“You can’t shake hands with a clenched fist.” — Gandhi

While a substantial goal of any advisor is to expand his or her client base and attract new business, it is important to remember not to focus exclusively on the transactional act of closing the deal. Instead, we should take pride in understanding our clients’ financial and emotional needs and giving them options to choose from. This steers us away from the urgency of closing a deal and guides us toward helping clients discover solutions they find on their own with our advice.

For example, when working with clients on life insurance sales, it is extremely important to make a responsive connection, as life insurance is an emotional sale. This product is becoming increasingly complicated, and many clients often feel like their advisor has gotten the better end of the transaction if they discover subsequently that other options were not explored. 

Guiding our clients to the products and investment philosophies that they have engaged in is imperative. Advisors should never suggest a specific plan without giving their client valuable information to make the decisions themselves. Helping our clients identify what they want to accomplish is a good place to start. Next, show them the different financial tools and/or investment paths that will help them achieve these goals.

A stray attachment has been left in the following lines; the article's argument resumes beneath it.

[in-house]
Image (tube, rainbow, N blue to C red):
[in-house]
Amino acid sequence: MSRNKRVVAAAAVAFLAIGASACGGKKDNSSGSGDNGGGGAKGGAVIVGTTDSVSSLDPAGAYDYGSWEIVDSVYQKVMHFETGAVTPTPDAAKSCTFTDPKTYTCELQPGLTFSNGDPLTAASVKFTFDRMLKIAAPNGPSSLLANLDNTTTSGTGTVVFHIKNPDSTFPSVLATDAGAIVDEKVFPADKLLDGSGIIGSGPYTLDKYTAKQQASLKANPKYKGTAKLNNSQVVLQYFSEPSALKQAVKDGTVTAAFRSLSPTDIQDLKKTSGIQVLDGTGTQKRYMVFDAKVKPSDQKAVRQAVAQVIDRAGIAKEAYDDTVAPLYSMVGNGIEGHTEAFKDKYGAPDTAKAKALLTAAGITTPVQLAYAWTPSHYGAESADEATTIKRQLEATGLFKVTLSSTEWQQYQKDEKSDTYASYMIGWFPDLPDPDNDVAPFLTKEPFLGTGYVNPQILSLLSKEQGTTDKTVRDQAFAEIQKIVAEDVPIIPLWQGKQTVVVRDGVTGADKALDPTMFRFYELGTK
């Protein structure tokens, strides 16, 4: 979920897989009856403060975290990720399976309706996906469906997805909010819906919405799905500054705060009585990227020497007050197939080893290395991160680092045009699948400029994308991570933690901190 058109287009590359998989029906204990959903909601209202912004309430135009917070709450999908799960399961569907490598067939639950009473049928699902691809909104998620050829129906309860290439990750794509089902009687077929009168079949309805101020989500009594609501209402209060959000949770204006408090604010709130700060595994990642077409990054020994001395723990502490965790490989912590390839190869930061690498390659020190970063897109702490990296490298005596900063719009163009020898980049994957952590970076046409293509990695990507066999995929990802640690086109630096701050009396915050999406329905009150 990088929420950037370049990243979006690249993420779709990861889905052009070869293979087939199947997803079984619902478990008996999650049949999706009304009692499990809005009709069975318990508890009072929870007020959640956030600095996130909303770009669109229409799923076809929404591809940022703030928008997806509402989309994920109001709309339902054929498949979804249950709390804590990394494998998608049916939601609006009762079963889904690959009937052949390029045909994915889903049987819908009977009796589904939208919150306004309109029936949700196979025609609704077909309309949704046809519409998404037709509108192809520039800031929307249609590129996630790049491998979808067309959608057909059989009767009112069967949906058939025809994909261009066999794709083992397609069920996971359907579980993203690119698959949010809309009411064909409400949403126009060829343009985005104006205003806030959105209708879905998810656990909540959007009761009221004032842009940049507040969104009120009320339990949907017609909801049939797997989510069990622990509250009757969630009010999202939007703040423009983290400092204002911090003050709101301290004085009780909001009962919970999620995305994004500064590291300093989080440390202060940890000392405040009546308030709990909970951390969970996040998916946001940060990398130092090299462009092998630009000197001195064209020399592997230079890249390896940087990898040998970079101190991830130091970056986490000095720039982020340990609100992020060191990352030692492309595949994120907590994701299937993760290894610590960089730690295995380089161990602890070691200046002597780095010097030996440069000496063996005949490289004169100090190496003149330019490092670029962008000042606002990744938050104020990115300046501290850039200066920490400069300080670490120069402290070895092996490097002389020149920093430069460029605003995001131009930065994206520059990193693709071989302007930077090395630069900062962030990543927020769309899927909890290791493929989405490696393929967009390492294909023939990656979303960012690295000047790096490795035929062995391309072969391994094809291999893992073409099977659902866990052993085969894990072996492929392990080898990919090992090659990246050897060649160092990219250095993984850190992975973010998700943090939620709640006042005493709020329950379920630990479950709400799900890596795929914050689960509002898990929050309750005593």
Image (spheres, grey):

How do I get there?

Three key skills I like to communicate to other advisors are the ability to ask great questions, listen actively and draw analogies to reinforce the point. Listening to our clients is one of the most important things we can do when working on creating a financial plan with them. We must ascertain what our clients want to accomplish before we can begin suggesting any investment tactics. If they have previously encountered financial complications, the question we must ask ourselves is, “How can my unique skills and knowledge of financial tools help fix these problems?”

One way to get your clients talking about their goals and any financial issues they may have is by improving your ability to illustrate concepts in a way the client can visualize. This not only helps your clients connect with you, but also helps differentiate your practice and knowledge from other financial professionals.

To get your clients talking, ask open-ended questions to gauge their positive and negative emotions. This allows you to paint the bigger picture and see where you fall in their planning process. Connect your clients to the right story, and they will find that the answer to their financial pitfalls is you.

Our goal as advisors is to have our clients leave feeling like they received beneficial advice that led them to make the right financial choices. We never want our clients to leave feeling like we closed the deal with them and that they lost. Creating true value is important. Steer clear of the hot special of the week; instead build a stronger connection. The more your clients trust you, the more beneficial the relationship will be for both of you.

 

For more from Phil Harriman, see:

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